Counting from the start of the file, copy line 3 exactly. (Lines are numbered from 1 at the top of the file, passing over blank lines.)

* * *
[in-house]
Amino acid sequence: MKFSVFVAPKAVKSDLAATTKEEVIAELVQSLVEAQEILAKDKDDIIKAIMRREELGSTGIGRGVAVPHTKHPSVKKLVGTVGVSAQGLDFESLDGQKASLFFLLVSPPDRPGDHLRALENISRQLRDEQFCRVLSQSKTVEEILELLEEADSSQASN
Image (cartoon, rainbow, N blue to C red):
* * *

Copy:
Image (cartoon, rainbow, N blue to C red):